(b) To ships flying the flag of that State treatment equal to that accorded to their own ships, or to the ships of any other States, as regards access to seaports and the use of such ports.

2.States situated between the sea and a State having no sea coast shall settle, by mutual agreement with the latter, and taking into account the rights of the coastal State or State of transit and the special conditions of the State having no sea coast, all matters relating to freedom of transit and equal treatment in ports, in case such States are not already parties to existing international conventions.

UNCLOS enshrines the principle of freedom of navigation, ensuring that ships of all states enjoy the right to navigate through international waters, including access to ports, subject to certain limitations and regulations.

Port states have the sovereign authority to regulate activities within their ports, including inspection, enforcement of laws and regulations, and collection of fees and charges. However, port states are generally required to treat foreign vessels in a non-discriminatory manner consistent with international law.

States may enter into bilateral or multilateral agreements to govern access to ports, establish port facilities, regulate port operations, and facilitate international maritime trade and transportation. These agreements often address issues such as port fees, customs procedures, security arrangements, and environmental protection.

International Maritime Organization (IMO) Regulations: The IMO, a specialized agency of the United Nations, develops international regulations and standards for maritime safety, security, and environmental protection. IMO regulations may include provisions related to port access, port facilities, and port state control measures.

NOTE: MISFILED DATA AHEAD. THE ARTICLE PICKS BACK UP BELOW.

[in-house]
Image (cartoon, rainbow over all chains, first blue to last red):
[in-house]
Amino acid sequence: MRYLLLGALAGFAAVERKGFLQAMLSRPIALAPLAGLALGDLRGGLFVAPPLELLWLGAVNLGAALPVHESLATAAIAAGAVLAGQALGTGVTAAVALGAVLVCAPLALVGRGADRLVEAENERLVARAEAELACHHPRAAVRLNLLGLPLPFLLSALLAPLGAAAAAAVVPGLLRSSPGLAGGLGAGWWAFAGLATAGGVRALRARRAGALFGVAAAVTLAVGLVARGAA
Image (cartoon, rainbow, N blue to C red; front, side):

Customary International Law: Customary international law, based on consistent state practice and opinion juris (belief in legal obligation), also plays a significant role in shaping norms and practices related to access to ports and maritime activities. International human rights law and refugee law impose obligations on states to ensure access to ports for asylum seekers and refugees fleeing persecution or violence. States are generally prohibited from returning individuals to a territory where they face serious threats to their life or freedom.

Overall, international law on accession to ports is multifaceted, reflecting the complex legal, economic, security, and environmental considerations associated with maritime transportation and trade. States are expected to adhere to their legal obligations under relevant international instruments and customary practices while promoting the safe, efficient, and environmentally sustainable operation of ports and maritime activities.



AllAfrica publishes around 400 reports a day from more than 100 news organizations and over 500 other institutions and individuals, representing a diversity of positions on every topic. We publish news and views ranging from vigorous opponents of governments to government publications and spokespersons. Publishers named above each report are responsible for their own content, which AllAfrica does not have the legal right to edit or correct.

Articles and commentaries that identify as the publisher are produced or commissioned by AllAfrica. To address comments or complaints, please Contact us.